I was also pleased to read that Sue Bradford has launched a Members Bill aimed at ending confusing and biased questions in Citizens Initiated Referenda. It went in the Parliamentary member’s ballot box on 18 June. Let’s hope it gets drawn from the ballot box or picked up by government. It’s been estimated that the current referendum on ‘smacking’ is costing $9m, money that would be much better spent on care and protection services for children.

It's not OK says Age Concern

"Most elder abuse is caused by family members… and it's not OK." That's the message Age Concern and the It’s Not Ok Campaign team are delivering to New Zealanders in a new booklet about elder abuse. The booklet, 'Take the Time… Value Older people', was released from 15 June to help mark World Elder Abuse Awareness Day. Visit the Age Concern website for a copy of the booklet [links directly to PDF] or more information on elder abuse and neglect prevention.

Homelessness website

For those of us with an interest in homelessness, an often overlooked issue, check out the website of the NZ Coalition to End Homelessness steering group. By its very definition (or more to the point lack of an official definition) this issue tends to be invisible and has slipped below the policy radar. This site talks about the group's aims, activities and processes and provides excellent access to various publications.

Auckland meeting to address homelessness

While on the issue of homelessness, it was interesting to read a recent media release about a group of organisations, some of whom are NZCCSS members, meeting to work together to address anti-social and homelessness issues in Auckland. Christian organisations that were part of this discussion included Lifewise, Auckland City Mission and the Salvation Army. This meeting was requested by a City Council committee that is looking to introduce new bylaws to deal with loitering, street sleeping and nuisance behaviour. The group concluded that the best strategy to address homelessness was to continue to support the Homeless Action Plan [links directly to PDF] and anti-social behaviour through existing bylaws.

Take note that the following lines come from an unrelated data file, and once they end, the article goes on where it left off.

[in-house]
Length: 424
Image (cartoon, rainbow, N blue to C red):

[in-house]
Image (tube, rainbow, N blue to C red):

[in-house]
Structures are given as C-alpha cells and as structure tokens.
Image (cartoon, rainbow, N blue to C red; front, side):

Motueka community hospital - a model for other smaller rural communities?

A recent article in the Nelson Mail reports on the opening of the new Motueka Friendship Hospital. The new hospital will be a mix of primary and secondary health care, aged residential care, dementia care, maternity care, medical beds, physiotherapy - a mix of health services designed for the community. The experience of the people of Motueka in raising the funds to have their own community-owned hospital, that is owned and run by a community trust, and not owned by the DHB, may offer some useful insights for other rural areas struggling to retain services.

Feedback needed urgently: Privacy in the home

Carers NZ is asking for feedback from home support workers and those receiving home support about the privacy issues for those receiving services in their homes. This feedback will help inform a new information section about home support in the Carers NZ magazine Family Care.

Carers NZ says: “Having help is wonderful but it can feel as though home is being invaded by a parade of 'outsiders'. Do you have ideas to share with other families about how to minimise this feeling? How do you maintain privacy while also receiving help from third parties? How do workers respect families' need for privacy while working in private households?” Please send your feedback to Carers NZ sara@carers.net.nz by Friday 3 July.

CONFERENCES AND TRAINING

Turning Point Training – 14-15 September, Westpac Trust Stadium Wellington:
Wesley Community Action is offering a 2 day training symposium with Dr Barry Duncan on “how to achieve greater effectiveness in social services”. The training looks at the practice tools to help clients to get the best outcomes out of their relationship to the helping agency. More information on Dr Duncan’s work can be found on www.talkingcure.com and www.whatsrightwithyou.com. The total cost is $375 for both days (GST incl). For more information visit www.wesleyca.org.nz and follow the links to news and events or email symposium@wesleyca.org.nz

Social Service Providers Aotearoa Conference, 17-18 September 2009. Te Puawaitanga o Te Kakano ‘Sowing Seeds of Change’, Flames International Hotel, Whangarei, . Early bird registrations opened on 1 June at www.theorganisation.org.nz

NZ Association of Gerontology & Age Concern NZ Conference 2009, 7-9th October. Living in an Ageing Society, , Wellington Convention Centre, Further info at www.confer.co.nz/ageing2009 or email louise@confer.co.nz

Professional Supervision: Common threads, different patterns - 30 April – 01 May 2010. Supervision Conference at Centra Hotel, Mangere Auckland. Pre-conference workshops on 29 April 2010. Keynote speakers: Tony Morrison (UK), Moana Eruera (NZ), Liz Beddoe (NZ) and Meg Bond & Stevie Holland (UK) TBC. Further info emailing Conference Organiser barbara.a.burt@gmail.com